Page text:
CEMEX Analysis

Introduction

CEMEX is a multinational cement firm, which originated from Mexico. The company, once a privately owned business with 6,500 employees had expanded to a publicly traded multinational firm (Lessard & Reavis, 2016, p. 3). The firm, through acquisition, entered the global market by establishing its presence in nations like Spain and the USA. The success of CEMEX is hinged on its ability to implement its strategy, the CEMEX Way, into its acquired firm. The CEMEX Way has enabled the organization to not only attain internal growth but survive its stiff competitors. CEMEX is a thriving multinational firm owing to acquisitions and adoption of the CEMEX Way strategy.

The CEMEX Way guided the firm in acquisition prospects and the post-merger integration process (PMI). The CEMEX Way has four steps: laying the groundwork, stepping out, growing up, and stepping out (Lessard & Reavis, 2016, p. 2). In the first step, the firm began exploring opportunities in overseas markets through exports. Correspondingly, CEMEX embarked on rigorous creating a communication system, CEMEXNET, which would enable the firm to communicate effectively with its foreign markets. Concerning stepping out, the firm acquired firms like Tolteca in Mexico, and Valenciana and Sanson in Spain (Lessard & Reavis, 2016, p. 5). CEMEX further entered theCaribbean, Colombia, Venezuela, all the while integrating its CEMEX Way strategy. In growing up, a change in the management structure is witnessed after the death of CFO Gustavo Caballero. Consequently, a shift in the PMI process ensued in Mexico operations and was termed PMI Mexico. In stepping up, CEMEX conducted a firm analysis to gauge its compatibility with its acquired firms. Strategic thinking was employed to ensure optimum performance was realized. The CEMEX way was an efficient guide for CEMEX in its acquisition and integration processes.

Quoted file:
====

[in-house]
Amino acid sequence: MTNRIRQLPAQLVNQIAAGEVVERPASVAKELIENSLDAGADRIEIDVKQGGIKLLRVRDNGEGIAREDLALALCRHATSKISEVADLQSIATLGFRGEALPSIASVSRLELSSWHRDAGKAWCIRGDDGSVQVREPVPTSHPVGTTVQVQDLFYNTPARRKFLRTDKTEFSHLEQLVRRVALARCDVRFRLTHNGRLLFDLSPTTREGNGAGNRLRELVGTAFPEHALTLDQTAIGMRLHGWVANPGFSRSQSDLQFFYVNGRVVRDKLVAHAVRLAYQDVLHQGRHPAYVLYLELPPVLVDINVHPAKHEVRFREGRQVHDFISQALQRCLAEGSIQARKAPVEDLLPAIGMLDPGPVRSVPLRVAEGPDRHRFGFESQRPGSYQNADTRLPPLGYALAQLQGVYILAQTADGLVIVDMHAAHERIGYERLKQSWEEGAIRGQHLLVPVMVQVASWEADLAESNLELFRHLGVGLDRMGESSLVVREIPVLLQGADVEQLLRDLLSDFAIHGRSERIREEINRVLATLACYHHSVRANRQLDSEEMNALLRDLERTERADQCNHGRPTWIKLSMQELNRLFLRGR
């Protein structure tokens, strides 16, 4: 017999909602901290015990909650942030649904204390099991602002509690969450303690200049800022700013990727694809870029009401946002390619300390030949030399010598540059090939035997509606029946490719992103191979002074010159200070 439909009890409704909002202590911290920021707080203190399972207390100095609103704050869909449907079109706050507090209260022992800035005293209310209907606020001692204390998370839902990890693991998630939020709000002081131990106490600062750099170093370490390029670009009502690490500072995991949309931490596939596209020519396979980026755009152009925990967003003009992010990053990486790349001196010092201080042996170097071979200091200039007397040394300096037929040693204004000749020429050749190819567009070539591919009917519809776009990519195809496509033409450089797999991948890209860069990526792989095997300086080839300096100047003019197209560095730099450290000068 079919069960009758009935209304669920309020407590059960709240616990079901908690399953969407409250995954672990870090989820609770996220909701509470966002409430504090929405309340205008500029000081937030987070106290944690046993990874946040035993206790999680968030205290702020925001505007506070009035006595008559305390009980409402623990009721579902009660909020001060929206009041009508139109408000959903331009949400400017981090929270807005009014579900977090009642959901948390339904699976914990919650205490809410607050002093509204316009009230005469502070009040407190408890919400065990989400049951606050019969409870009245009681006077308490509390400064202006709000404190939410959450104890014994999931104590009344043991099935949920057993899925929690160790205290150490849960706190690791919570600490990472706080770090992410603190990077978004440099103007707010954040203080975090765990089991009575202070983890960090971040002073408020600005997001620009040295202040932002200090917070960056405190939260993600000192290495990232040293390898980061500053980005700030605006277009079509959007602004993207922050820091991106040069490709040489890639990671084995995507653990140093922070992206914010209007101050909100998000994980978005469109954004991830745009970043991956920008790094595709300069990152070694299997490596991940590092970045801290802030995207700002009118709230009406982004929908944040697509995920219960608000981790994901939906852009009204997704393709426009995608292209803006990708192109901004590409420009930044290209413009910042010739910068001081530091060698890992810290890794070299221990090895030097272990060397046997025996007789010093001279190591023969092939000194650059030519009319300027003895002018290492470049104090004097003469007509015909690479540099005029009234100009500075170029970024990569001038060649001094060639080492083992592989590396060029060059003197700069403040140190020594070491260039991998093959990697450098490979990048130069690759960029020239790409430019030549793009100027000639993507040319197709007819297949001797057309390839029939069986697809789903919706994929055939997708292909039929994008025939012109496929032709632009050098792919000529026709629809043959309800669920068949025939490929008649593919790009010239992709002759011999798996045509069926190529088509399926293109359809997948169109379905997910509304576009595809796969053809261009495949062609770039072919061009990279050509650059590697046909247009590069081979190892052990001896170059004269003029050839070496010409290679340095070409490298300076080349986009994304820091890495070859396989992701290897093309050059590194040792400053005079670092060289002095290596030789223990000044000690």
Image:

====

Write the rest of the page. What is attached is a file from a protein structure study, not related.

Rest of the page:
Strategic Analysis

Current State

CEMEX has significantly changed since the case study was written and revised. Currently, the firm is in more than 50 countries(“CEMEX,” 2019).Equally, the firm has trade relationships in over 100 countries. However, the employees are over 40,000, which is lower than the 65,000 estimate in the 1990s. The sales have dropped from 21.7 billion dollars to 13.7 billion dollars.CEMEX had dropped in sales and employees but has retained its global presence.

CEMEX has been embroiled in a lot of political controversies. Firstly, the company is under pressure from the Mexicans to boycott its plan to build the US-Mexican border wall, which President Trump’s government plans to contract (Price, 2018). However, CEMEX came out to deny these allegations.Equally, the firm was liked to child sex trafficking.The company’s ties to the Rothschild family have made it a suspect since the Rothschild family is also linked to NXIVM, who was indicted for child trafficking. The firm is still under investigations. CEMEX has been involved in USA-based scandals due to its involvement with influential figures and illicit groups.